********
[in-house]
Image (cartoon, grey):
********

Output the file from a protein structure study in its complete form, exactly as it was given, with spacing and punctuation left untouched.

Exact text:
[in-house]
Image (cartoon, grey):